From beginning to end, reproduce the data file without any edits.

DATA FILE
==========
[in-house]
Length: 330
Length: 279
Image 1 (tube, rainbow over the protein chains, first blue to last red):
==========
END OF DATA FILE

[in-house]
Length: 330
Length: 279
Image 1 (tube, rainbow over the protein chains, first blue to last red):